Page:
The World Tied $3.5 Trillion-Plus of Debt to Inflation. The Costs Are Now Adding Up. | Kanebridge News
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The World Tied $3.5 Trillion-Plus of Debt to Inflation. The Costs Are Now Adding Up.

With roughly $770 billion of borrowings linked to retail prices, Britain is feeling the pinch

Wed, Jul 26, 2023 8:32amGrey Clock 5 min

Governments and companies around the world spent decades loading up on trillions of dollars of debt whose interest costs rise and fall alongside inflation. But what served as cheap funding when prices were stagnant has rapidly become more expensive.

The inflation-linked headache echoes the broader challenges arising at the end of more than a decade of global easy money, in which debtors borrowed vast amounts at very low, and sometimes negative, interest rates. Investors are on alert for financial vulnerabilities after a crisis in U.S. regional banks this year, and with strains emerging in commercial property.

Borrowing costs of all sorts have risen sharply for governments, businesses and consumers, as central banks have raised key interest rates to combat price pressures. Rates have surged on inflation-linked borrowings, but these aren’t the only source of pain.

As standard bonds with fixed rates mature, they need to be replaced with more expensive new debt. Meanwhile, interest rates on loans are often floating, meaning they quickly reflect changes in policy rates.

Yields on benchmark 10-year fixed-rate bonds, a proxy for government borrowing costs, have climbed to about 4.3% for the U.K. and 3.9% for the U.S. Both were below 1% during the pandemic.

Governments will pay roughly $2.2 trillion in overall debt interest this year, Fitch Ratings estimates. The U.S. Treasury’s interest cost grew 25% to $652 billion in the nine months through June. Germany’s debt-servicing bill is expected to soar to 30 billion euros this year, or some $33.2 billion, from €4 billion in 2021.

Governments had $3.5 trillion in outstanding inflation-linked debt at the end of 2022, according to the Bank for International Settlements, equivalent to about 11% of their total borrowings.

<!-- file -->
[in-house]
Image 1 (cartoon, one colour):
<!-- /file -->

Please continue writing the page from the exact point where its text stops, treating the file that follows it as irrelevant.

The poster child for the inflation-linked problem is Britain, which has experienced the fastest rise in debt costs in the Group of Seven advanced democracies. The U.K. first embraced such debt under Prime Minister Margaret Thatcher and in 1981 became one of the first developed economies to issue inflation-linked debt: securities that are known as linkers there and Treasury Inflation-Protected Securities, or TIPS, in the U.S. Both the amount due to investors once the bonds mature and the regular interest payments they receive move with inflation.

About a quarter of U.K. debt is now tied to inflation, trailing only a handful of emerging markets with a history of runaway prices such as Uruguay, Brazil and Chile.

“We stick out like a sore thumb,” said Sanjay Raja, chief U.K. economist at Deutsche Bank.

The U.K.’s debt woes are complicated by its longstanding reliance on a measure of price increases that has fallen out of favour: the retail price index, or RPI. Some 600 billion pounds, equivalent to roughly $770 billion, of bonds are linked to this gauge, which has consistently risen faster than more widely used consumer-price indexes. London has pledged to phase out RPI by 2030.

Inflation as measured by the RPI topped 14% in October and was still 11% in June compared with a year earlier. Economists expect U.K. inflation to keep falling this year, albeit more slowly than in other major economies.

In theory, higher interest payouts should be balanced by rising revenue. While higher inflation means bigger payouts to bondholders, it should also bring in more taxes.

That logic holds especially true in markets like the U.K., where inflation gauges are deeply embedded in the economy. Tax thresholds, pension and welfare payments, rail fares and cellphone bills are often linked to price indexes.